There are several arguments regarding the shape of Roneat Ek. Some researchers argued that the shape of this musical instrument is modeled from the shape of Khmer river boat. The others believed that this musical instrument is resembled the peacock as its end khaols look like the peacock's tail when spreads. However, according to the Khmer ancient musical specialists, the Cambodian Roneat Ek shape is representing the Naga or dragon as the stand supporting the instrument body representing two entwining nagas' tails, the body of Roneat Ek represents two diverging nagas, the two end khaols of it representing two hooding nagas, and the note bars represent nagas' scales.[18]

According to Ouknha Moha Thipadei Meas Ni, the chief of Cambodian Royal Orchestra "His grandfather said this Roneat genre is a Khmer invention since ancient times. First, Khmer people took the bamboo bars used in house construction cutting into short pieces and strike them to make sound for entertainment. Later, the bamboo pieces were tied and laced in order, then stretched out and suspended. Then, the set of laced bamboo bars was placed on the naga-shaped body carved from wood and the later body of Roneat still represent naga as the Khmer people praised and worshiped nagas [since ancient time]. The instrument of Roneat Ek was accompanied with the Khmer pin since the early time when pin was introduced to Cambodia."[18] This explanation is quite relevant because nagas have been praised and worshiped in Cambodian society since ancient time and naga is even believed to be associated with Khmer national origin.[19]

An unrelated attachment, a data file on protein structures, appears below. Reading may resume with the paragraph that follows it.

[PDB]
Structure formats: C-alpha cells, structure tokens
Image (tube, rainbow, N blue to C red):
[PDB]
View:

In other explanation, according to Cambodian traditional musicians, Roneat Ek itself represents female naga or dragon where Roneat Thung represents male naga in which both nagas have to be next to one another or pairing as accompanied in Khmer traditional orchestras.[20]

Role in Khmer traditional orchestras

Roneat ek playing.

Roneat Ek plays significant function in both Pinpheat and Mahori orchestra. According to Cambodian traditional custom, Roneat Ek was designated depending on the orchestra where it accompanied. The Roneat Ek used in Pinpeat has to have lower sound than the Roneat Ek used in Mahori 1 Orchestra where the first note bar is the high-sound point.[21]